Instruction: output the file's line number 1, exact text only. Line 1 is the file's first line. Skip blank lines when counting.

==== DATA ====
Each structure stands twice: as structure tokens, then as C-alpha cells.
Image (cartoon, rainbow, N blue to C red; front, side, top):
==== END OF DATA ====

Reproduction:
Each structure stands twice: as structure tokens, then as C-alpha cells.